Lexus has made similar strides in hybrid braking. The 2011 Lexus CT 200h delivers better pedal feel and steadier deceleration than some earlier hybrid models. Most hybrid braking is done by the motor/generator system, and Lexus claims some Prius taxis have gone more than 200,000 miles on the same brake pads.
Performance-oriented drivers will be particularly fond of the car’s Sport mode, which not only provides livelier throttle response, but also emulates the selection of a lower gear when entering, negotiating and exiting corners, providing greater throttle control and more readily available power on exit. Sport mode also provides more direct steering response, changes the instrument panel highlights from blue to red, and turns the power gauge to a tachometer. Considering the CT 200h doesn’t offer any sort of manual shift control, as do some CVTs, the tach is really more for show than go. Combined with the quality of the transmission and the nature of the car, Sport mode makes it easier to swallow the fact that the 2011 CT 200h doesn’t offer manual shift capability.
Out on the highway, Lexus says the CT 200h will top out at 112 mph. You’ll have to floor it for quite awhile to reach that velocity, but if pedal to the metal is your thing, the 2011 Lexus CT 200h is, in its own way, right up your alley.
Cruising and parking
Out on the highway the Lexus CT 200h is firm for a Lexus, but softer and quieter than your typical sporty compact car. Around town and in parking lots, the CT 200h offers all the maneuverability and outward visibility you’d expect from any small five-door.
Lexus to the core
Inside, the 2011 Lexus CT 200h hybrid does a better job of mimicking its pricier siblings than does the Audi A3. Highlights include a visually split dash/console design, dynamic instrument panel gauges/lighting, and a backseat that can comfortably accommodate a six-footer, if just barely. The synthetic leather seats won’t be mistaken for the real thing, but they look and feel just fine. During our longer drives, though, we appreciated the added ventilation of the optional perforated leather buckets.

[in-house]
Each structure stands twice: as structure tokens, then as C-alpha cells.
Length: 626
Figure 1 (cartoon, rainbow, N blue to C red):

In addition to eight airbags, electronic stability control and all the other safety equipment you’d expect to find in most premium cars today, the 2011 Lexus CT 200h includes the automaker’s Safety Connect system that offers automatic collision notification and other emergency/assistance services. The CT 200h also offers radar-based adaptive cruise control and collision detection/mitigation.
Included in the box
Standard equipment highlights include keyless entry and start, Bluetooth phone and audio connectivity, iPod integration, synthetic leather seating, dual-zone auto climate control and LED daytime running lights. Lexus has hinted at a starting price of just above $30,000 when the 2011 Lexus CT 200h goes on sale in February.
You’ll have to write a bigger check if you want your 2011 Lexus CT 200h equipped with leather seats, a moonroof or a voice-activated hard-disk navigation system with backup camera, remote touch and Lexus Enform. Other extras include LED headlamps, in-mirror backup camera (if you want a camera but don’t want the navigation system), heated front seats with driver’s seat memory, auto-dimming outside mirrors and rain-sensing wipers.
A buyable balance?
The 2011 Lexus CT 200h is sportier and more stylish than a Prius, more fuel-efficient than an Audi A3 TDI, and really does feel like a happy marriage of the two. But, like even the happiest of marriages, the CT 200h isn’t for everyone and it demands compromise.
Whether or not it’s your cup of tea will depend in part on how readily you accept new things. Compact luxury hatchbacks don’t have a history of great success in the U.S., and the addition of a hybrid powertrain can only complicate things.
Or maybe it’s the missing ingredient?